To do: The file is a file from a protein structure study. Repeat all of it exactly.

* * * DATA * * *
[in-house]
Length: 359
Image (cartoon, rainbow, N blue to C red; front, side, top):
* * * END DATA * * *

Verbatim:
[in-house]
Length: 359
Image (cartoon, rainbow, N blue to C red; front, side, top):